The purpose of FaithDial is two-fold: first, the collected labels can serve as training data for a critic to determine whether a given response is faithful or hallucinated. The second goal is providing high-quality data to generate faithful responses in information-seeking dialogue. Given knowledge $Kn$ and the conversation history ℋ = (u1,…,un−1), the task is to generate a response un faithful to $Kn$. We benchmark a series of state-of-the-art dialogue models (Radford et al., 2019; Roller et al., 2021; Raffel et al., 2020; Rashkin et al., 2021b) on FaithDial. We also evaluate them on WoW and in a zero-shot transfer setup on CMU-DoG, and TopicalChat). We implement all the baselines using the Huggingface Transformers library (Wolf et al., 2020).

### 5.1 Task I: Hallucination Critic

We frame the problem of identifying hallucination as a binary classification task where the goal is to predict whether an utterance is faithful or not, given the source knowledge. This characterization of the problem is reminiscent of previous work (Dziri et al., 2019; Welleck et al., 2019b; Nie et al., 2021) on detecting contradiction within a conversation.

For this purpose, we curate a dataset, FaithCritic, derived from human annotations in FaithDial. Specifically, we take 14k wizard utterances from WoW labeled as hallucination (Section 2) as negative examples. The wizard responses from WoW labeled as entailment along with newly edited wizard utterances (20k in total) count as positive examples. Overall, FaithCritic consists of 34k examples for training. We compare the performance of models trained on FaithCritic against models trained on two dialogue inference datasets—DNLI (Welleck et al., 2019b) and DECODE (Nie et al., 2021)—and on a well-known natural language inference (NLI) dataset, MNLI (Williams et al., 2018). For all datasets, we choose RoBERTaLarge (Liu et al., 2019) as a pre-trained model. We measure the transfer performance of different critics on MNLI, BEGIN, and FaithCritic in zero-shot settings wherever possible.

The results are presented in Table 4. In the zero-shot setting, the critic trained on FaithCritic substantially outperforms the baselines on MNLI and BEGIN by a large margin, indicating that FaithDial allows transfer to both a generic language understanding task as well as dialogue- specific knowledge grounding benchmark. On the other hand, the transfer performance of DECODE and DNLI are poor on both generic and dialogue-specific classification tasks. Surprisingly, MNLI transfers well to FaithCritic.

Table 4:

Transfer results (accuracy) of the hallucination critics trained and tested on different datasets. † indicates zero-shot transfer results and bolded numbers denote best performance.

Trained onTested on
MNLIBEGINFaithCritic
DECODE 62.5 58.8 38.5
DNLI 52.4 59.8 30.9
MNLI 93.1 61.1 81.6
FaithCritic 74.7 71.6 86.5
Trained onTested on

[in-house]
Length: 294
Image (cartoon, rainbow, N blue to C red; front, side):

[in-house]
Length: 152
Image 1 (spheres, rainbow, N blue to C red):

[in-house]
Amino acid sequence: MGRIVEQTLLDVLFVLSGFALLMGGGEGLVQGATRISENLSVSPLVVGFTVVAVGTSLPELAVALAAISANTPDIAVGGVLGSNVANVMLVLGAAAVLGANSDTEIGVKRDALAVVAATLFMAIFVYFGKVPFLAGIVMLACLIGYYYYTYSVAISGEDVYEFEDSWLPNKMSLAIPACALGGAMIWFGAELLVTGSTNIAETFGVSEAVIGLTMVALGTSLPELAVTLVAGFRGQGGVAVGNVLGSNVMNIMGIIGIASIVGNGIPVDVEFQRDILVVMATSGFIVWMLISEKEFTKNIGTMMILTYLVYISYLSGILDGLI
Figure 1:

MNLIBEGINFaithCritic
DECODE 62.5 58.8 38.5
DNLI 52.4 59.8 30.9
MNLI 93.1 61.1 81.6
FaithCritic 74.7 71.6 86.5

### 5.2 Task II: Dialogue Generation

#### 5.2.1 Methods

For the task of dialogue generation, we consider a series of state-of-the-art models ranging from general-purpose LMs—such as GPT2 (Radford et al., 2019), DialoGPT (Zhang et al., 2020b), and T5 (Raffel et al., 2020)—to models that are specifically designed to provide better grounding, such as DoHA (Prabhumoye et al., 2021), or to alleviate hallucination, such as CTRL (Rashkin et al., 2021b). DoHA augments BART (Lewis et al., 2020) with a two-view attention mechanism that separately handles the knowledge document and the dialogue history during generation. CTRL equips LMs with control tokens (< objective-voice >, < lexical-overlap >, and < entailment >) whose embeddings are learned at training time. At test time, these steer a model towards generating utterances faithful to a source of knowledge. Finally, we adopt a training strategy, called loss truncation (Kang and Hashimoto, 2020) to cope with the presence of hallucination in WoW, by adaptively eliminating examples with a high training loss.

In addition to existing models, we also consider an auxiliary objective to attenuate hallucination during training (Cao and Wang, 2021; Tang et al., 2022). In particular, we adopt InfoNCE (van den Oord et al., 2018), a contrastive learning loss, to endow models with the capability of distinguishing faithful responses x + from hallucinated ones x. Given an embedding of the context c, which includes both conversation history and knowledge:
$LInfoNCE=−logexp(c⊤x+)∑x′exp(c⊤x′)$
(1)
To generate up to k = 8 negative candidates x, we follow a perturb-and-generate strategy for each utterance in the training data. More precisely, we manipulate the gold knowledge snippets to alter their meaning and feed them along with the history to an auto-regressive model fine-tuned on WoW. We use two perturbation techniques proposed by Dziri et al. (2022b): verb substitution and entity substitution. Additionally, utterances labeled as hallucination by human annotators in WoW are also included in the negative samples.

#### 5.2.2 Automatic Evaluation

We rely on several metrics that provide a multi-faceted measure of performance. A first group measures the degree of hallucination of generated responses. The Critic model trained on FaithCritic (Section 5.1) returns the percentage of utterances identified as unfaithful. Q2 (Honovich et al., 2021) measures faithfulness via question answering. It takes a candidate response as input and then generates corresponding questions. Then, it identifies possible spans in the knowledge source and the candidate response to justify the question–answer pairs (Durmus et al., 2020; Wang et al., 2020). Finally, it compares the candidate answers with the gold answers, in terms of either token-level F1 score or a NLI-inspired similarity score based on a RoBERTa model. BERTScore (Zhang et al., 2020a) rates the semantic similarity between the generated response r and the knowledge $K$ based on the cosine of their sentence embeddings. F1 measures instead the token-level lexical overlap between u and $K$. Finally, as a second set of metrics, we report BLEU (Papineni et al., 2002) and ROUGE (Lin, 2004), which reflect instead the n-gram overlap between u and the gold (faithful) response g.